They say there are three taboo subjects you should never bring up at a party: religion, sex, and politics.

Well, I'm a little out of the partying habit, so I'm going to blunder forward with all three in this and the next two 2MTL podcasts. First up: my observation that none of The Doctor's "modern Earth" companions to this point seemed to have a religious affiliation, which defies probability. Could it be done today? Should it be done?

 

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5 Responses to 2MTL 30: Is it Time for a Religious Companion?

  1. Chris Burgess says:

    Katarina leaps to mind as religious in my mind, though it's hardly for a modern, organized religion.

  2. That Chip Guy says:

    Yeah, and that's really the key point for me. It's easy enough to render a judgment on ancient religions — "Who Mourns for Adonais" in Star Trek comes to mind — because there are very very few people today who would have their worldviews questioned by such a story.

    But put any Jew, Christian, Muslim, or any other believer in a religion based on historical personages and events on the TARDIS and you've got instant character conflict that would resonate on a personal level with many audience members. That excites me until I remember just HOW personal it would be.

  3. Luke says:

    Ok, I take your point.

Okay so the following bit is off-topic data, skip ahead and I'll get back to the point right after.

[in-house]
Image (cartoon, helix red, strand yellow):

I think we can assume that Jamie and Victoria we're also religious in a Christian sense, but again they're historical companions and it's never mentioned.

    The closest we've come to exploring this in the series is Leela, and again she was from a tribe with a fictional religion and when we meet her for the first time she has already rejected it.

    I think the problem with having an overtly religious person as a companion would be that the show would have to pop back in time to the historical roots of that religion and either endorse it or pick it apart.

    I think at the end of the day the Whoniverse is predominantly atheistic with the occasional dash of Buddhism thrown in.

  4. Michelf says:

    I have to disagree. I'm also not dogmatic about my beliefs but I also do have a religious identity and I wouldn't want to go back and see if it's all true. In fact, I would want to avoid those people and places. Because that's not the point, for me anyway.

  5. Erik says:

    It is rather hard for me to believe that Jamie and Victoria weren't asking the Doctor to take them to Church their first few Sundays in the TARDIS. However, the show could be, perhaps, making a slightly more Protestant message: through faith alone is one saved, and faith does not require overt actions. It could simply be that journeying with the Doctor, even encountering him, makes one less likely to openly talk about faith–when one realizes how much there is in the universe that seems beyond belief, perhaps faith becomes a more quiet, internal, and personal matter as opposed to a question of loud piety, which has almost always been considered vulgar.

    In the end, the answer is almost certainly because the very concept of religion is so pervasive, massive and powerful that it tends to take over any medium or story into which it is introduced. Having a religious companion, of almost any creed, would force the show to be, at least in large part, about religion. Otherwise, it would feel artificial and forced.

    There…screed over. 🙂

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